Apologetics 1.8: Call no man ‘Father’?

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If you have ever come across a Protestant, one common argument that you may have heard is “The Bible says to not call anyone father.” The scripture passage that they are  referencing is Matthew 23:9 in where Jesus says to not call anybody on earth your father. However, this must be taken in its proper context from the understanding of that time period and from Jewish lenses. In that time period, the Roman kings would identify themselves as “Father God” to replace the True Creator. Considering that this is blasphemy and outright idolatrous, Christ warned to not identify anybody on earth as “Father” in the context of “Father God”, for such would be idolatrous.

If Christ implied to not use the term “father” within itself, then we’d have to conclude that He and the scriptures have contradicted itself. Since Christ is God and cannot do so, nor can scripture since its inerrant and inspired by the Holy Spirit Himself, that’s impossible. All throughout scripture, the term Father is used by God Himself or His disciples.
Luke 14:26 – “If anyone comes to me, and does not hate his father, and mother, and wife, and children, and brothers, and sisters, and yes, even his own life, he is not able to be my disciple.” Note, Christ clearly used the word father to refer to the earthly male parents of our life on earth. Christ is clearly not against the use of the term, for even the fourth commandment says to “honor your father and your mother.” Would this mean that God is contradicting Himself? Absolutely not. Again, context needs to be considered.

Later, in the book of Luke chapter 16:24, Jesus says the following when giving a parable: “And crying out, he said: ‘Father Abraham, take pity on me and send Lazarus, so that he may dip the tip of his finger in water to refresh my tongue. For I am tortured in this fire.’ ” This is also why in the book of Romans, Paul calls Abraham the “Father of us all.” (Romans 4:16-17)

Therefore, the reason we identify deacons and priests as ‘Father’ is because of their pastoral role as spiritual fathers in whom tend the flock, us as the spiritual children. This is the very continuation of how the ancient Jews identified the priests of their time period, thus St. Stephen the martyred deacon’s identification of the Jewish elders and priests as “fathers.” (See Acts 6:14)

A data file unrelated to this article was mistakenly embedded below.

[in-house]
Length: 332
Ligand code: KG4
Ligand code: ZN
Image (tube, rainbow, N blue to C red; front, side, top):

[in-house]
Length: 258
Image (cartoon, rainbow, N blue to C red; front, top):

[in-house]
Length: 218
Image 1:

Apologetics 1.7: Biblical evidence for the Holy Trinity

For those aware of Catholic teaching, the Catholic Church teaches that the Trinity alone is God. This means that we believe that God is one in three persons: Father, Son, and Holy Spirit. This does not mean that there is three gods, for that would be heresy. However, we believe in the “Holy Trinity, One being and Undivided” (Byzantine Rite).
There are many false religions that reject this very immaculate dogma; such as the Muslims, Jehovah’s Witnesses, Oneness Pentecostals, Hebrew Israelites, and many more. Considering that they uphold a neo Arian and Diocletian heresy, let us examine the scriptures and the Early Church fathers in regards to the Son and the Holy Spirit being Divine just like the Father.

Part 1. The Son is God!

Proof:

Titus 2, 13-15: “Looking for the blessed hope and coming of the glory of the great God and our Savior Jesus Christ, Who gave himself for us, that he might redeem us from all iniquity, and might cleanse to himself a people acceptable, a pursuer of good works. These things speak, and exhort and rebuke with all authority. Let no man despise thee.”
Matthew 4, 7 – ““Jesus said to him: It is written again: Thou shalt not tempt the Lord thy God.” (When read in context, Jesus’ gives this response to Lucifer since he was tempting Jesus in His Humanity.)

John 1, 1 -14 “In the beginning was the Word, and the Word was with God, and the Word was God … “And the Word was made flesh, and dwelt among us, (and we saw his glory, the glory as it were of the only begotten of the Father,) full of grace and truth.” (Jesus Christ is called the Word throughout scripture. This scripture speaks of Christ’s Incarnation.)

In John 3:5, Jesus makes it known that nobody can enter the Kingdom of God unless they are baptized. In Col 1:13, Saint. Paul the Apostle makes it clear that the Kingdom of God belongs to Jesus Christ. If Jesus Christ were not God, wouldn’t this be a blasphemous suggestion? Of course not, for the Holy Spirit cannot error nor can He fail! For Jesus Christ is God!

Romans 9:5 “Whose are the fathers, and of whom is Christ, according to the flesh, who is over all things, God blessed for ever. Amen.”

Titus 3: 4-6 “But when the goodness and kindness of God our Savior appeared: Not by the works of justice, which we have done, but according to his mercy, he saved us, by the laver of regeneration, and renovation of the Holy Ghost; Whom he hath poured forth upon us abundantly, through Jesus Christ our Savior:”

Note: Savior is applied to God and Jesus Christ. If Jesus Christ were not God, as the false religions insist, wouldn’t this be a blasphemous suggestion as well? Of course not, for as stated earlier, The Holy Spirit cannot error!